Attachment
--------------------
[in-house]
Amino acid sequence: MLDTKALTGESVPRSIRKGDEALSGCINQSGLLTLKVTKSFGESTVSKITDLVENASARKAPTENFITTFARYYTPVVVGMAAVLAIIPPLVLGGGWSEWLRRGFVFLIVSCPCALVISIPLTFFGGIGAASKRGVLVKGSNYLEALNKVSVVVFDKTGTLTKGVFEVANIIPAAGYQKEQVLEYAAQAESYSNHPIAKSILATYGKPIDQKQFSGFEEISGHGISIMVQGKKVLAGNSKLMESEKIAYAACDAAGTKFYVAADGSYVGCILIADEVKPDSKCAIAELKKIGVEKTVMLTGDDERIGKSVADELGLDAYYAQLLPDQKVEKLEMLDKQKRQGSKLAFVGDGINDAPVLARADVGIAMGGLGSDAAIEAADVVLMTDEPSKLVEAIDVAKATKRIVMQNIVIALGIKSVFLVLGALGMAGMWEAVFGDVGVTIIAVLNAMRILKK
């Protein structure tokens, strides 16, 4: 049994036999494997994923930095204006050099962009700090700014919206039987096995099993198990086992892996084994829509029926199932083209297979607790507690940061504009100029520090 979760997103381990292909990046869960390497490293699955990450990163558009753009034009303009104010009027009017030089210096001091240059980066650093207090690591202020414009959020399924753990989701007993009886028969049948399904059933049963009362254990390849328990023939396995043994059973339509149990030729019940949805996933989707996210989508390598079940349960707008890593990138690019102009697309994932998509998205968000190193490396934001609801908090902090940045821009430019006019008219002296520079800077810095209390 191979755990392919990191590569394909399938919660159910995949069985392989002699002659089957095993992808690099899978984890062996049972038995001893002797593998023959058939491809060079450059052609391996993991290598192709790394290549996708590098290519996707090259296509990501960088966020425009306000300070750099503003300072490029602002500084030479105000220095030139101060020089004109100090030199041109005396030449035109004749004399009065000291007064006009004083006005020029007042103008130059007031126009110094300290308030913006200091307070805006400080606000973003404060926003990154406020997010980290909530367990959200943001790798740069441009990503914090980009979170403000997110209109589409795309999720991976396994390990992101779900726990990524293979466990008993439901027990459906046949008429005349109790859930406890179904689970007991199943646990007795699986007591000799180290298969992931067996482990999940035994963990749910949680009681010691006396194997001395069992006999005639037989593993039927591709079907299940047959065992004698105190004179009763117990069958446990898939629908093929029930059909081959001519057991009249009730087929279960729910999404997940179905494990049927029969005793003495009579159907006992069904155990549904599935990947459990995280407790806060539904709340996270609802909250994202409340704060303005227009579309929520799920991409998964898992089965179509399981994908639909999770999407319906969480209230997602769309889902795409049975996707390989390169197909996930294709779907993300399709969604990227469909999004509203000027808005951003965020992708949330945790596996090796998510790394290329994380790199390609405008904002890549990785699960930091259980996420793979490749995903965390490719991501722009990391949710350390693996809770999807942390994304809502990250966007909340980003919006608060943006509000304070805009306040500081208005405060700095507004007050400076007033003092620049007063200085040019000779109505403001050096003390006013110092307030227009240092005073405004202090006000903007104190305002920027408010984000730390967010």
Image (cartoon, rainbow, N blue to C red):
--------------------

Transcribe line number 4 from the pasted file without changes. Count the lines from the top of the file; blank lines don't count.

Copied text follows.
Image (cartoon, rainbow, N blue to C red):